How to Balance Your Tonearm
Plus, what does anti skating mean and other important questions answered.
What Does Anti Skating Mean?
In a nutshell, the anti-skate feature on your turntable stops your tonearm from skating across the centre of your record as it comes to an end. On most turntables, there is an adjustable anti-skate control but some may have a pre-set version internally.
Deceptively simple, balancing your tonearm and getting your tracking force correct is the single most important modification you can make to your turntable, and both your vinyl (and your needle) will thank you for it. An incorrectly balanced tonearm can cause distortion and let’s be honest, nobody wants that. Balancing the tonearm and setting the stylus tracking force should be done when you are setting up your turntable, but regular check-ups are a good idea too. Some patience and dexterity is involved so take it slow – nothing good ever came from rushing this process.
How to Balance a Tonearm
- First things first. Make sure your turntable is switched off and sitting on a level surface.
- Ensure the anti-skate is set to zero and that the counterweight is properly fitted with the numbers facing the front of the turntable.
- Lock the tonearm to the armrest then very gently remove the protective cover from the stylus. Careful now….
- Keep the tonearm stable while you release the tonearm lock. The tonearm will swing freely so keep hold of the headshell to prevent it crashing into the turntable platter.
- Keep the cueing lever in the down position, while you gently hold the headshell above the rest position.
- Carefully turn the counterweight on the rear of the tonearm until it’s horizontally balanced. This headshell should naturally be suspended above the rest position.
- Once the arm is horizontally balanced and the arm is level, it's time to set the dial on the counterweight to zero. Once this is done you will need to rotate the entire counterweight to set the right tracking force for your phono cartridge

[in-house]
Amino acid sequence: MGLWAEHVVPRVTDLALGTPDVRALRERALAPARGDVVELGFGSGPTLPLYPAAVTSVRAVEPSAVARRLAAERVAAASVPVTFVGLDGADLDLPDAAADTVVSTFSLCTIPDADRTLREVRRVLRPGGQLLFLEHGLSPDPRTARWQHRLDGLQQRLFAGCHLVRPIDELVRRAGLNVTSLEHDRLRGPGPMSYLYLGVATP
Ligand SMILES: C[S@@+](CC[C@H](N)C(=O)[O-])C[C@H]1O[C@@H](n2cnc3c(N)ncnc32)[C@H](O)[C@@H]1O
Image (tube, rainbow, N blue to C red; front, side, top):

- The tracking force for each cartridge is supplied by the manufacturer. For example, if the downforce is 1.75 grams then turn the counterweight counter clockwise to adjust the weight until 1.75 is reached on the counterweight dial. If your counterweight does not have a marked dial then you should use a stylus force gauge. Gently place the stylus onto the stylus force gauge to measure the downforce.
- Once you’ve set your tracking force, turn the anti-skate setting back on and make sure it matches in grams to the tracking weight.
- Exhale and enjoy!
Stylus Tips: Conical v Elliptical
The Hi-Fi world is full of technical jargon, and vinyl is no exception. With many different stylus types available, the conical and the elliptical are perhaps the most popular choices, but which one is right for you?
A conical stylus is probably the simplest, least expensive and most popular stylus type. It has a spherical tip (like a ballpoint pen), which touches the centre of the record groove walls. A conical stylus can also result in less surface noise from any dust and debris trapped in the groove and they usually work best on mid-range to lower priced or older turntables.
The Elliptical stylus has a slightly different design which allows it to ride in the centre of the groove, similar to the conical stylus, but it's design means it can more accurately track higher frequencies, meaning more precise tracking. The result is more precision, improved frequency and phase response, and lower distortion, particularly in the inner grooves of the record. One drawback of the elliptical stylus is faster tip wear, and you’ll need to watch your cartridge and tonearm alignment for the best results.